Coral did a lot of experimentation...including some compression driver tweeters.  But the most common and most liked seem to be the plain coaxials, in boxes that seem to be folded horns - for some reason[?] I've never seen any pics of the insides of them.  Boxes according to that traditional Japanese style...coaxial full-range mounted at the top of relatively large wide baffles.

Offline juventino

Re: Practical pros & cons of concentric drivers (Tannoy, KEF etc)
« Reply #6 on: October 30, 2020, 04:14:19 PM »
Only one I can think of who may have heard them is Achim. Maybe we can drag him away from his downstairs neighbour for long enough to comment?

 :BWAHAHAH:

Offline Agaton Sax

Re: Practical pros & cons of concentric drivers (Tannoy, KEF etc)
« Reply #7 on: October 30, 2020, 05:00:29 PM »
?  Maybe I should look at that last pic of yours again.  I know the room horn doesn't have a tweeter suspended in it.....or maybe I'm just confused.

Coral did a lot of experimentation...including some compression driver tweeters.  But the most common and most liked seem to be the plain coaxials, in boxes that seem to be folded horns - for some reason[?] I've never seen any pics of the insides of them.  Boxes according to that traditional Japanese style...coaxial full-range mounted at the top of relatively large wide baffles.

You talking about me? Sorry can't resist that one. You mean my system?

This shows the system to be conceptually not that far from the Coral



The initial idea was to have the horns deep in the basshorn throat a la Altec 604 or Rene Simmond's system



However that lasted all of 5 minutes as the colourations introduced by the bass horn flare were simply awful. It only became acceptable once the smaller horn throats either cleared or were very shallow in the mouth-a la coaxial.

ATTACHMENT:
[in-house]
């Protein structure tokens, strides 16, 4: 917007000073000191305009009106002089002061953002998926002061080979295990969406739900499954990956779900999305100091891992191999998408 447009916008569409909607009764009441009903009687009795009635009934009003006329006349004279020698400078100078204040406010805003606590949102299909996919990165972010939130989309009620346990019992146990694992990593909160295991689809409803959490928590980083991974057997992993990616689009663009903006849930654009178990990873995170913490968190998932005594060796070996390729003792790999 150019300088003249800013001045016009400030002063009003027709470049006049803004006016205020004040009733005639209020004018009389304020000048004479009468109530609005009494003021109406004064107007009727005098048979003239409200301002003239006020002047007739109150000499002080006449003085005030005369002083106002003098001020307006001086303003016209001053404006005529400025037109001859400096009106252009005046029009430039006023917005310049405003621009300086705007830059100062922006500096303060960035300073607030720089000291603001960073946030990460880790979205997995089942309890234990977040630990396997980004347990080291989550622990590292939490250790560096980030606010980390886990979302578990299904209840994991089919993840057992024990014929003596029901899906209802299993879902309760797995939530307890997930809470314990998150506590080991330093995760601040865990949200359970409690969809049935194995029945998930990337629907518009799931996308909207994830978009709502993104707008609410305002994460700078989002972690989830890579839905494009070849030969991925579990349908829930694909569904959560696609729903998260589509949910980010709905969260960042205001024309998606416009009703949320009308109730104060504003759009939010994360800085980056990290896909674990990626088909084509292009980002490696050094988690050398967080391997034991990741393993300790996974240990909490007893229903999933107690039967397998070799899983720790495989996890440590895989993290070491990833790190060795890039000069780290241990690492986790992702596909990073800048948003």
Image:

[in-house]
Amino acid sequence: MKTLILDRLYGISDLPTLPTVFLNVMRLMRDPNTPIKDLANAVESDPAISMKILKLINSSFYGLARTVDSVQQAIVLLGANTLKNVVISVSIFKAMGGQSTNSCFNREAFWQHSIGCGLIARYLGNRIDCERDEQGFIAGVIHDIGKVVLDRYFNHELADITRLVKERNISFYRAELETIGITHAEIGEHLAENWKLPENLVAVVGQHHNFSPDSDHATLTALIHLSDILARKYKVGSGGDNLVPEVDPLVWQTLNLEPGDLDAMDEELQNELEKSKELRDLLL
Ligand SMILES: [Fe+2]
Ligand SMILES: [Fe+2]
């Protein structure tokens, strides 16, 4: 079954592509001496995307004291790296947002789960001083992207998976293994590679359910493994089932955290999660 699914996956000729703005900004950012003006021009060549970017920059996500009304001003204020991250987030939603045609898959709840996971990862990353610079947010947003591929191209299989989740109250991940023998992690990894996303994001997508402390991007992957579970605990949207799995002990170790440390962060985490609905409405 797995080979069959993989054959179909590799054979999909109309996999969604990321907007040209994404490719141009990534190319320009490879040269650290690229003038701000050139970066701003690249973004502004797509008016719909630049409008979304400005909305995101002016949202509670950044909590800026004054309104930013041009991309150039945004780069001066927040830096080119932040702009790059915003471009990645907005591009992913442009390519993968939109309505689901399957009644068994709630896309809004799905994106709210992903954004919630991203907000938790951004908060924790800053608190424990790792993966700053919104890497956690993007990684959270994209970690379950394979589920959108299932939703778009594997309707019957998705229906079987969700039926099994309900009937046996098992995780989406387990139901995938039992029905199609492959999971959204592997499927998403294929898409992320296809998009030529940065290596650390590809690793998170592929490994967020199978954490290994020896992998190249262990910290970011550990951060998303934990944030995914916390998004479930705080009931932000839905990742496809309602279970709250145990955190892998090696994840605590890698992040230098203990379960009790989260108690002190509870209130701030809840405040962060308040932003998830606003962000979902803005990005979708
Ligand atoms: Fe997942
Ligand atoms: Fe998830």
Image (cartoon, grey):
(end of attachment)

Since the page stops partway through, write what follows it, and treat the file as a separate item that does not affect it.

I think that demonstrates the problem with  Tannoy , the Altec 604 or the Urei. I am a huge Altec fan but much prefer the non coaxial arrangements. I am sorry but I also do not buy that long standing Tannoy boast that the cone of the bass driver extends the tweeter horn. That is as bad as claiming the room corner extends the natural flare of the Klipsch basshorn.

My experience with coaxial,mainly a truly dreadful Goodmans (I forget the model) turned me off that approach too-that is until I realised I have done that very thing.


« Last Edit: October 30, 2020, 05:02:55 PM by Agaton Sax »

Offline jlaubza

Re: Practical pros & cons of concentric drivers (Tannoy, KEF etc)
« Reply #8 on: November 10, 2020, 05:38:25 AM »
The issue is that the depth of the phase plug and stub leading into the cone acts as a 1/4 wave resonator for the woofer (not necessarily or the tweeter which loads the horn at the throat) and the resultant dips in response are always a feature that overwhelmingly favour very awkward filters.
I owned a Kef Q300 bookshelf speaker set. If you look at pictures of the Kef dual cone unit, you can see that they avoid the above mentioned issues through their design. The Q300 in fact has a very simple crossover (I think first order).

Sound wise, I could not say that it sounded any better than competitor, separate woofer tweeter products. Their really expensive speakers might have a sonic advantage but for me, the coaxial setup is simply an alternative approach, useful perhaps for space restricted installations.

In my 5 years of ownership of the Q300s, I had no problems with them.